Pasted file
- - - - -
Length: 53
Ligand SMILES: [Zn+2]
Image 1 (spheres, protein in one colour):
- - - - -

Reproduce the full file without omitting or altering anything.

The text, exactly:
Length: 53
Ligand SMILES: [Zn+2]
Image 1 (spheres, protein in one colour):